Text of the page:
With Netflix, Amazon and the proliferation of cheap video cameras and reliable home internet around the world, a deluge of original content is constantly being created. And to make customers — particularly younger ones — happy, TV manufacturers have decided to let it all flow in.
That’s good for consumers but potentially not great news for content producers who may have been there first and are now under threat of getting drowned in today’s free-for-all.
On Wednesday, several of the world’s largest electronics manufacturers rolled out their latest smart TVs for a horde of jorunalists and analysts at the Consumer Electronics Show in Las Vegas. What was clear from those presentations (other than the fact that consumers apparently really want sets that are approximately the size of a French door) is that the line between traditional pay-TV and streaming is not just blurred, it basically doesn’t exist anymore. That’s all designed to let viewers watch what they want, how they want, when they want it — without much deference to what content creators and distributors would prefer them to see.
“Viewers today have nearly unlimited choice and flexibility,” said Wonjin Lee, an executive vice president at Samsung Electronics.
That all has consequences for the traditional TV industry, whose real estate (how good was it to be Channel 2 on a set that just had up-down buttons or a simple remote?) is being devalued instantly. And having prime broadcast spectrum may not matter as much when anyone can broadcast to any big screen with really just a cell phone and YouTube channel.
Television manufacturers anxious to win over younger customers (who watch streaming video and internet TV at a much higher ratio) have responded by putting smart interfaces in their hard products, allowing them to watch video from a wide variety of sources without discriminating based on incumbency or any institutional advantage.
Westinghouse and Element Electronics unveiled new product lines with Amazon’s Fire TV platform built in. Chinese brands TCL and Hisense chose Roku Inc.’s Roku interface as their preferred dashboard. And Samsung, which was responsible for more than half of all Ultra HD TVs sold in the U.S., has chosen the open-source Tizen interface as the backbone of its Smart TVs — which is all the company is releasing in the U.S. this year.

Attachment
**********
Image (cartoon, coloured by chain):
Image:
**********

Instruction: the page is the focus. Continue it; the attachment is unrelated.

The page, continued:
Hisense’s new TVs even come with an integrated web browser, which allows viewers to watch pretty much whatever video they manage to find in the far reaches of the internet — for better or worse.
“We’re becoming an OTT media company,” Hisense Americas VP of Marketing Mark Viken said, when pointing out the company’s televisions’ one-touch integration with streaming platforms like Netflix, Amazon Prime Video and YouTube.
Lee went on to say that “personalized discovery” — the exact opposite of Channel 2 being valuable because it was effectively everyone’s home screen — is one of the pillars of Samsung’s smart TVs.
“Our smart hub lets you browse across live TV and your favorite streaming services all on one screen,” he said during the Korean electronics giant’s presentation. “Our personalized recommendations discover entertainment for you when you want to be inspired.”
Samsung’s new TVs could also threaten one of pay-TV’s remaining real moats: live sports rights. ESPN is easily the priciest cable channel, and many regional sports networks are not far behind. They have that pricing power — even if they’re losing subscribers in this age of cord cutting and trimming — because it’s acceptable to catch up on a Netflix show or HBO series on one’s own terms, but nobody wants to miss their team play in a big game.
But Samsung’s new smart TVs have a special feature that doesn’t distinguish between all available outlets where a game might be aired — whether that’s cable, streaming or broadcast — and might even enlighten sports fans who are reliable cable consumers primarily for that reason that they could watch games elsewhere.
“With our new sports service, you can find your team — on live TV or streaming — all on the same page,” Lee said.
Game on, Big Cable.